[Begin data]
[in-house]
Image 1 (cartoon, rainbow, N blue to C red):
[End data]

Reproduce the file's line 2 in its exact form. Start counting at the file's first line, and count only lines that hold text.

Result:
Image 1 (cartoon, rainbow, N blue to C red):